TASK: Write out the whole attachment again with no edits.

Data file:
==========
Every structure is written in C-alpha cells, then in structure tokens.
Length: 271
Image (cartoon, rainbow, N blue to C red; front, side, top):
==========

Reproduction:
Every structure is written in C-alpha cells, then in structure tokens.
Length: 271
Image (cartoon, rainbow, N blue to C red; front, side, top):